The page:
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Pam Stone: Barn chores, not smartphones, jog creativity – Index-Journal

Smartphones

During barn chores, particularly in the dark of the early morning hours, along with much of the day in the second building I occupy, our house, I tend to stream classical music for both its comfort and vibrancy. And I am always somewhat agog when I think of the desperately young age that such masterpieces — in all of the arts — were created.

Especially in comparison to my own life and what I achieved, or less ambitiously, upon what I was focused, during the same age.

To think that Lord Byron, at the tender age of 26 could pen the equally tender lines of an all-consuming love:

She walks in beauty, like the night,

Of cloudless climes and starry night

And all that’s best of dark and bright

Meet in her aspect and in her eyes;

Thus mellowed to that tender light

Which heaven to gaudy day denies…

At 26, I was mesmerized that Bobby Ewing had come out of the shower, alive.

Mary Shelley was all of age 18 when she began “Frankenstein.” Mary! What on earth? She was a baby! Granted, she went on to lead a pretty wild, party-girl lifestyle after an impressive and political education, but still, to create the classic which is considered one of the first examples of science fiction is breathtaking.

At 18, I was working as a waitress in a cocktail bar and was blown away by the advent of velcro wallets.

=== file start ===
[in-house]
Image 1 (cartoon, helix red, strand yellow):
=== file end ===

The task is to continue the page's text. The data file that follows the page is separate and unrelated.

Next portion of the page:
Mozart was but 32 when he composed the massive Symphony No. 41 in C major, (aka “Jupiter”) which critics hail as his greatest work.

At 32, I was particularly proud of a joke I had written about how Southern women sound like livestock as we age. (It’s actually very funny. Want to hear it? Then book me. I don’t do anything for free, baby.)

How does such talent (theirs, not mine) appear in youth? Is it because early age which is relatively short of life experience feels passion, triumphs and failures more intensely? How did the opening chords of “Sound of Silence” drift into the head of a 21-year-old Paul Simon? The complexity and elegance of the lyrics which followed? How?

All I can think is that when you have artistic passion and are probably broke, yes, you feel things to your very soul. You don’t have the trappings of wealth to distract from all-consuming emotion. Life is far less bleak when you can handily order uber eats and choose what to wear in the acreage of a walk-in closet after being dumped by your significant other via text.

And that makes me wonder: How many great artists have we spawned today with our abundance of technology who will stand the test of time and create what will be regarded as classics in a couple of hundred years? It ain’t easy. In fact, I’d say our current young artists, with their climate-controlled surroundings, Spotify and Kashi blueberry waffles will have to dig far, far deeper to produce a masterpiece.

Because you and I know perfectly well that Mary and Wolfgang would have never focused long enough to write anything had they had smartphones.

She walks in beauty, like the night symphony 41, aged 32, mozart

Of cloudless climes and starry skies;

And all that’s best of dark and bright Keats, aged 25

Meet in her aspect and her eyes;

Thus mellowed to that tender light

Which heaven to gaudy day denies…

Season of mists and mellow fruitfulness,

Close bosom-friend of the maturing sun;

Conspiring with him how to load and bless

With fruit the vines that round the thatch-eves run;

Source: https://www.indexjournal.com/news/columnists/pam-stone/pam-stone-barn-chores-not-smartphones-jog-creativity/article_6973a2c7-64b8-5d76-a3d7-7bb7a7c03ec4.html

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